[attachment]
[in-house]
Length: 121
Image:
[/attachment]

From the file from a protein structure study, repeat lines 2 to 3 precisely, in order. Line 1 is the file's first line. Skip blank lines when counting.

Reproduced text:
Length: 121
Image: